There's no denying NVIDIA (NASDAQ:NVDA) has become a major player in future of automobile technology. The company has built out its driverless car technology through two generations of its Drive PX system, continues to win spots in infotainment solutions through its processors, and just introduced a new supercomputer (the DGX-1) that could help process driving information for autonomous cars from the cloud.
NVIDIA earned $113 million from its automotive segment in Q1 2017, an increase of 46% year over year. Automotive revenue represented just 8.6% of its total revenue in the quarter.
The company wants to continue building its automotive segment into a bigger business, but here are three simple things that could push those plans off track.
1. Slower-than-expected driverless car adoption rates
NVIDIA's Drive PX 2 system incorporates the company's high-end graphics processing units (GPUs) so that driverless cars can quickly process outside information (collected from cameras and sensors) and make sense of their surroundings.
The company already has 80 automakers and Tier 1 suppliers using and/or testing Drive PX, and Volvo will use the technology in its 100-vehicle autonomous car tests in Gothenburg this year.
But it's stil unclear exactly how the public is going to respond to driverless cars. IHS Automotive predicts that 10% of light vehicles sold worldwide will be autonomous by 2030, but there's some research showing that consumers may be leery of giving control over to artificially intelligent vehicles.
A recent AAA survey showed that 75% of drivers have a fear of driverless cars. And only 1 in 5 respondents said they would trust a driverless car with them inside of it.
Most of those fears can be overcome when users test out certain semi-autonomous and autonomous driving features, but that could take a long time. And that means NVIDIA could be waiting a while to see significant revenue from its driverless car technologies.
2. Increased driverless car competition
Let's assume for a moment that the driverless car revolution goes off without a hitch. NVIDIA could still face some fact some significant problems even in that scenario.
The main thing I'm concerned about is NVIDIA's ability to take on the rising driverless car technology competitors. NXP Semiconductors (NASDAQ:NXPI) is probably NVIDIA's biggest threat in the space right now.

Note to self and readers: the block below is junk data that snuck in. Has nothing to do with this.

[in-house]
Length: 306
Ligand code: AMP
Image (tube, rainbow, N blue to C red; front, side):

NXP introduced a new driverless car product last month called BlueBox. It's an off-the-shelf semi-autonomous system for automakers to easily implement driverless car technology into their vehicles. While NVIDIA's Drive PX 2 essentially provides the brains for driverless cars, BlueBox provides the processors, sensors, and cameras as one compete system.
BlueBox allows cars to have reach SAE Level 4 automation, which is just one step below a fully autonomous vehicle. NXPI says 4 of the top 5 automakers are already testing the technology and that it will be on the road by 2020. NVIDIA's Drive PX 2 (which could eventually be paired with its DGX-1 supercomputer) certainly isn't a lightweight in the driverless car world, but NXP's complete package is sure to test NVIDIA's position in the automotive market.
3. The company's automotive semiconductors aren't safe, either
Much of NVIDIA's automotive revenue comes from selling its GPUs to car companies to run their on-board infotainment systems. But NVIDIA is facing new competition from NXP on this front as well.
NXP closed its acquisition of Freescale Semiconductor earlier this year, making it the largest supplier of automotive semiconductors in the industry, grabbing more than 14% market share. NXP's chips power advanced driver assistance systems (ADAS), vehicle-to-everything (V2X) systems, and secure telematics. ADAS systems are the stepping stones to autonomous car technology, making NXP a clear choice for automakers. Out of the top 10 automotive semiconductor suppliers, NXP ranks No. 1 -- but NVIDIA doesn't even make it on the list.
NXP makes about 36% of its total revenue from its automotive segment, compared to NVIDIA's 8.6%. NXP clearly has a lead in the automotive semicondutor space, and it's much more reliant on automative revenue than NVIDIA -- which makes the company all the more motivated to keep its lead in the market.
NVIDIA's not doomed
I don't think NVIDIA's automotive ambitions are unfounded or unrealistic, but investors should certainly consider these threats before jumping in with the company. However, NVIDIA is leading the way in discrete desktop GPUs and is making big gains in machine learning, which means that it doesn't necessarily need its automotive ambitions to pan out.